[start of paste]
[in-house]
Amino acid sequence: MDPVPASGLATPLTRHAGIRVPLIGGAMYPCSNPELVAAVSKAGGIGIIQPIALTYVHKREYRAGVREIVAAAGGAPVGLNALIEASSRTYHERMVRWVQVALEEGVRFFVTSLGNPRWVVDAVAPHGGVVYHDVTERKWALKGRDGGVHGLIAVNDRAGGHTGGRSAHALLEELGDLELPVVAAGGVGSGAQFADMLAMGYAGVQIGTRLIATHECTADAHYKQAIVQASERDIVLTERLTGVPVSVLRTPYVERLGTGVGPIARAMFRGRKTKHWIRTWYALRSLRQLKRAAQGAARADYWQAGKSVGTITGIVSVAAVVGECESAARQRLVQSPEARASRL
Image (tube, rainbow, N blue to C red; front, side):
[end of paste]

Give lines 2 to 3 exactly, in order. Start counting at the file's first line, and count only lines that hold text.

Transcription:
Amino acid sequence: MDPVPASGLATPLTRHAGIRVPLIGGAMYPCSNPELVAAVSKAGGIGIIQPIALTYVHKREYRAGVREIVAAAGGAPVGLNALIEASSRTYHERMVRWVQVALEEGVRFFVTSLGNPRWVVDAVAPHGGVVYHDVTERKWALKGRDGGVHGLIAVNDRAGGHTGGRSAHALLEELGDLELPVVAAGGVGSGAQFADMLAMGYAGVQIGTRLIATHECTADAHYKQAIVQASERDIVLTERLTGVPVSVLRTPYVERLGTGVGPIARAMFRGRKTKHWIRTWYALRSLRQLKRAAQGAARADYWQAGKSVGTITGIVSVAAVVGECESAARQRLVQSPEARASRL
Image (tube, rainbow, N blue to C red; front, side):